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Legal Ease
Legal Ease, Lawyer
Category: Canada Family Law
Satisfied Customers: 98953
Experience:  I am a practicing lawyer and have also been an online professional for 5 years.
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In a shared parenting situation, does the "primary caregiver" parent have decisi

Customer Question

In a shared parenting situation, does the "primary caregiver" parent have decision-making authority over the custodial parent?
Submitted: 2 years ago.
Category: Canada Family Law
Expert:  Legal Ease replied 2 years ago.
Please clarify what you mean by the terms 'primary caregiver' and 'custodial parent'. I do not know how you are using the terms so your question does not actually make sense to me right now. Also please let me know your province.
Customer: replied 2 years ago.
I am in BC.My ex-wife is including the statement that SHE is the primary caregiver in a draft of our separation agreement. The kids are with me 45% of the time. She claims that she wants the recognition of primary caregiver to ensure she receives all the available tax benefits... but I fear that she really wants it so that she can make arbitrary decisions without feeling the need to consult me - despite the clauses that say we share equal 'Gaurdianship' under the new Family Law Act. Is that a groundless fear? If she were to be the primary caregiver - would she have decision-making power over me if we ever disagreed about a decision effecting the children?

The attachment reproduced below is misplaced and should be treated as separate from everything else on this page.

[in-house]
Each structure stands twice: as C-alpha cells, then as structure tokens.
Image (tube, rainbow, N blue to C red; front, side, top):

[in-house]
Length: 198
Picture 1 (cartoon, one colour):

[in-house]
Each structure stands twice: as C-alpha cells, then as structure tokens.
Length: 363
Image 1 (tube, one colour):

Expert:  Legal Ease replied 2 years ago.
She wants to be the primary caregiver and it seems the sole legal guardian.What you want is to maintain the current living arrangement but have equal say in the major decisions which is very reasonable given the children live with you almost 50% of the time. So your position has to be that no matter what old or new label is used you want equal decision making rights. And if that means saying there is no primary caregiver then that is what you will need. So stay away from labels that are constantly be re-evaluated as the law is new and rather make any wording of any agreement or order exceedingly clear that both of you must take part in all major decisions and them make a list that is not exhaustive of the types of decisions, such as those relating to medical decisions, education decisions, about religious practices, about trips, etc

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